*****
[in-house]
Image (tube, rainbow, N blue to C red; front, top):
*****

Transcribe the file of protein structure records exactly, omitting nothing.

[in-house]
Image (tube, rainbow, N blue to C red; front, top):